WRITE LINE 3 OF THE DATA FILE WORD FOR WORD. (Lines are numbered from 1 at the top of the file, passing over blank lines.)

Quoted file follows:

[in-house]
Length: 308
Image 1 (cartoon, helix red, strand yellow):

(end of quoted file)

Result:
Image 1 (cartoon, helix red, strand yellow):